|dc.description.abstract||Premium absorbent paper products (e.g., two-ply towel and tissue) can achieve higher fluid holding capacity per unit dry weight by means of increasing their void volume per unit weight. In turn, high void volume can be attained by increasing the overall thickness of each ply through molding the paper into a three-dimensional ("mini-egg-crate") structure before drying it.
This research investigates the effect of three types of parameters: mold geometrical, operational, and paper parameters. These variables are examined with respect to their effect on the resulting overall thickness. Because the experimental research is fundamental in nature, it employs molding structures of a simplified geometry (produced via rapid prototyping techniques) rather than the geometrically complex molding fabrics used commercially.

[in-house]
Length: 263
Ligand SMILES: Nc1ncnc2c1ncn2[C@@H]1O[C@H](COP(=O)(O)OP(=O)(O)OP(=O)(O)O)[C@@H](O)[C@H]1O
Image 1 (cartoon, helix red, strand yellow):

A goal of the project is the understanding of the physics of the wet shaping process, in which vacuum is used to deform the wet paper web into the openings in the molding structure. Another goal is identification of limitations or boundaries of the wet shaping
process (e.g., conditions for which "pinholes" occur in the paper). Supporting theoretical analysis of the shaping/molding problem is performed, to provide bases for correlating experimental data and for the optimization of molding geometrical parameters. The result of this study provides quantitative information for some variables that affect the final sheet thickness.||en_US